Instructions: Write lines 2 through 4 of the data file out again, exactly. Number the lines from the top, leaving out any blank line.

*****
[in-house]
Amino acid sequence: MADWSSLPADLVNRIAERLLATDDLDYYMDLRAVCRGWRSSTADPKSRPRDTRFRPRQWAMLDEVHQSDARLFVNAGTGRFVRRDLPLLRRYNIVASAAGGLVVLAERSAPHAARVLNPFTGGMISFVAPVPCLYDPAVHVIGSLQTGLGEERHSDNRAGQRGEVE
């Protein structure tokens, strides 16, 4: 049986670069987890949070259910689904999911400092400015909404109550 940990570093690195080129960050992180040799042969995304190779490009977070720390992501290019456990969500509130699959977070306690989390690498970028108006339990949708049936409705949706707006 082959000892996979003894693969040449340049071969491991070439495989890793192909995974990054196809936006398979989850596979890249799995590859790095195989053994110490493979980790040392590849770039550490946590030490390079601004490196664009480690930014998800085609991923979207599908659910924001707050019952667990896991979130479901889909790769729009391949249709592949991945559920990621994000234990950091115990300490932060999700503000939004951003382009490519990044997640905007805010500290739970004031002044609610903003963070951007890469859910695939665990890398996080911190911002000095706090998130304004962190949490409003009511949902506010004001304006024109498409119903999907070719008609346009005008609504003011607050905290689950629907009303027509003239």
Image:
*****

Amino acid sequence: MADWSSLPADLVNRIAERLLATDDLDYYMDLRAVCRGWRSSTADPKSRPRDTRFRPRQWAMLDEVHQSDARLFVNAGTGRFVRRDLPLLRRYNIVASAAGGLVVLAERSAPHAARVLNPFTGGMISFVAPVPCLYDPAVHVIGSLQTGLGEERHSDNRAGQRGEVE
């Protein structure tokens, strides 16, 4: 049986670069987890949070259910689904999911400092400015909404109550 940990570093690195080129960050992180040799042969995304190779490009977070720390992501290019456990969500509130699959977070306690989390690498970028108006339990949708049936409705949706707006 082959000892996979003894693969040449340049071969491991070439495989890793192909995974990054196809936006398979989850596979890249799995590859790095195989053994110490493979980790040392590849770039550490946590030490390079601004490196664009480690930014998800085609991923979207599908659910924001707050019952667990896991979130479901889909790769729009391949249709592949991945559920990621994000234990950091115990300490932060999700503000939004951003382009490519990044997640905007805010500290739970004031002044609610903003963070951007890469859910695939665990890398996080911190911002000095706090998130304004962190949490409003009511949902506010004001304006024109498409119903999907070719008609346009005008609504003011607050905290689950629907009303027509003239």
Image: